This flag, once you paste an icon in the Finder’s information dialog, is set to true (to false when you delete the custom icon). If the file has a custom icon but you remove the flag, it shows the default icon (I experimented this years ago, I guess it’s still true). If you set the flag while the file has never had a pasted, custom icon, the file stays with the default icon (under some circumstances, I’ve seen the icon showing another one, like a “stationary” icon).

I’m not sure, since I know the NSWorkspace “set” method only from now, whether I have to also set the “HasCustomIcon” flag after calling the NSWorkspace method or if it does it automatically. I’ll see, obviously.

Thank you!

Good point.
Anyway, I’m not dealing with previews of picture files in my app, but good to know.

Ah, you’re referring to the resource and metadata files (for a test.jpg file having resources or otherwise unknown properties to other operating systems, you get a ._test.jpg file along the original file (actually, Mac OS would strongly hide those files, even if you bring them back from a volume whose the format doesn’t support resources)).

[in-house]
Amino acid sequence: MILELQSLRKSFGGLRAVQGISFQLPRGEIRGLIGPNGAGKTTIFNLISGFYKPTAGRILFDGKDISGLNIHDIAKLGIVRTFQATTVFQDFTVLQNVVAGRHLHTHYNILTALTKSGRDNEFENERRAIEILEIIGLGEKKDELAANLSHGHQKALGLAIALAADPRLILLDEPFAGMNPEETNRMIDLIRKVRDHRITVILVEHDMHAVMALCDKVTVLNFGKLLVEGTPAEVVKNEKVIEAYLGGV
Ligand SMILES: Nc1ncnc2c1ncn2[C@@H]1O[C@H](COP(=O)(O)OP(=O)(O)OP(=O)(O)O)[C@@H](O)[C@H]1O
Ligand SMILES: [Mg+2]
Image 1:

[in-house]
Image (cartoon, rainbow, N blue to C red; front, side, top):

Those files usually don’t contain a preview of the “original” file, but, rather, the resource fork (or other alternate forks, as you may have 50 forks for a given file if you want) and things like the Finder’s label value or concepts foreign to other systems. Granted, one of those alternate forks may contain a preview, but it’s far from a rule.

Thanks for sharing this information with us.

Let me know if calling setIcon also modifies this tag.

When you use setIcon method in NSWorkspaceMBS class, the file gets a resource fork with a icns resource.

GetFileFlagsMBS function then reports 1024 for the file with custom icon and 0 for a file without custom icon. Please use Bitwise.BitAnd to check for the bit as others may be set.

Same information can also be seen via FileListMBS.FinderFlags or using MDItemMBS with kMDItemFSHasCustomIcon constant.

You can use ResourceForkMBS class to inspect (even in 64-bit with recent plugins!)

So I confirm: HasCustomIcon is set to true with calling SetIcon.